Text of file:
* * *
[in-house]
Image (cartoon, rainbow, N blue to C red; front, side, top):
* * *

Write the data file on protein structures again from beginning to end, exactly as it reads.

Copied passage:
[in-house]
Image (cartoon, rainbow, N blue to C red; front, side, top):